This semi-film within a film opens in the office of producer George Jessel, who never saw a camera he couldn't get in front of, who is holding a story conference to determine the screen ... See full summary »
Navy Lt. Richard Perry becomes an undercover man out to discover the leaders of a group of well connected men who pull off bank robberies during the McKinley administration (early 20th ... See full summary »
William A. Seiter
In 1896 it is announced that the Olympic Games will be revived in Athens. A young shepherd, Spiridon Loues, decides to enter the 26-mile marathon. Once in Athens, he meets Christina Gratsos... See full summary »
Amelia is a gifted violinist who is in danger of quitting the Brissac Academy of Music. Julius arranges to have a scholarship given to her through his employee Tony so that Julius can ... See full summary »
Olivia de Havilland,
This semi-film within a film opens in the office of producer George Jessel, who never saw a camera he couldn't get in front of, who is holding a story conference to determine the screen treatment for the life of Eva Tanguay, and Jessel is unhappy with what the writers present him.He tells them to look up Eddie McCoy, Eva's one-time partner, for the real inside story on the lusty and vital Eva. Eddie's version is that he discovered her working as a waitress in an Indianapolis restaurant in 1912, wherein singer Larry Woods and his partner Charles Bennett get into a fight over her and both land in the hospital, and McCoy convinces the manager to put Eva on as a single to fill their spot. She flopped, but McCoy arranges for Bennett to be her accompanist, and she went out of his life. The writers look up Bennett, now head of a music publishing company, who says McCoy's story is phony, and it was Flo Zigfeld who discovered Eva for his Follies. Then Jessel's staff comes up with a letter from... Written by
Les Adams <email@example.com>
Choreographer Jack Cole's penchant for multi-level dance numbers meant that there was always the possibility of dancers getting hurt. Mitzi Gaynor indeed fell on her back during the filming of "Beale Street Blues" while descending a flight of stairs. She also slid off a 16-foot platform while filming the more abstract "I Don't Care" number; she credited her feathery costume with cushioning her fall. See more »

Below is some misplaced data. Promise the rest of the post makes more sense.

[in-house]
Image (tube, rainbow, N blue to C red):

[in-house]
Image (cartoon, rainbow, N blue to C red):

It begins, even before the credits, with an onstage production number in which Mitzi, as famed vaudevillian Eva Tanguay, emerges hoarse and uncertain onstage, thus forcing the stage manager to ring down the curtain. AND IT NEVER COMES BACK TO THIS. That's how ineptly cut this Fox backstager is, leaving a major plot thread unacknowledged for the next 78 minutes. Along the way we get some clichéd show-must-go-on situations, the unappealing Oscar Levant (especially unappealing when deprived of good dialog, which Comden and Green provided him the same year in "The Band Wagon") plunking away on some classical piano, David Wayne in what first appears to be the leading-man role but turns into an inconsequential supporting part, the pleasant-voiced Bob Graham as Mitzi's love interest, George Jessel playing himself pretending to be a nice man, and several big, big production numbers. These have nothing to do with the vaudeville milieu and are set to undistinguished music, but the color's great, and Gwen Verdon gets to do some sinuous Jack Cole choreography in one of them. The whole thing's framed in a desperate-looking "Citizen Kane" conceit, as two studio boys are exhorted by Jessel to "come up with the REAL Eva Tanguay story," but the movie never wanders anywhere near the real Eva Tanguay story -- maybe it just wasn't that interesting. Worth looking at for the blazing Technicolor, the dances, and Mitzi, who's never less than professional, and never more.
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